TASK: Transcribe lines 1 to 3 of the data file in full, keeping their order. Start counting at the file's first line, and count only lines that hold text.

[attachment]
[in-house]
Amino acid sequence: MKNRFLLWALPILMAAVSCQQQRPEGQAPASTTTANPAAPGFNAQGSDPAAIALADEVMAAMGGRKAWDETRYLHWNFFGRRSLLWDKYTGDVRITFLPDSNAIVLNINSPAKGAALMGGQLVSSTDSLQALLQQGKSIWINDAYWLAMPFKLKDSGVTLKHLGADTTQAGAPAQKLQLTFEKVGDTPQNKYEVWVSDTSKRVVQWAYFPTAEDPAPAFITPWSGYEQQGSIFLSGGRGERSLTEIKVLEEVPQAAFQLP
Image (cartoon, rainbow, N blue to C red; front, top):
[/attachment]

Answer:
[in-house]
Amino acid sequence: MKNRFLLWALPILMAAVSCQQQRPEGQAPASTTTANPAAPGFNAQGSDPAAIALADEVMAAMGGRKAWDETRYLHWNFFGRRSLLWDKYTGDVRITFLPDSNAIVLNINSPAKGAALMGGQLVSSTDSLQALLQQGKSIWINDAYWLAMPFKLKDSGVTLKHLGADTTQAGAPAQKLQLTFEKVGDTPQNKYEVWVSDTSKRVVQWAYFPTAEDPAPAFITPWSGYEQQGSIFLSGGRGERSLTEIKVLEEVPQAAFQLP
Image (cartoon, rainbow, N blue to C red; front, top):